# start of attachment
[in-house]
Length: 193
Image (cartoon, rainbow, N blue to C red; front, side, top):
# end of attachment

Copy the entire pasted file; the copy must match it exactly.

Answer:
[in-house]
Length: 193
Image (cartoon, rainbow, N blue to C red; front, side, top):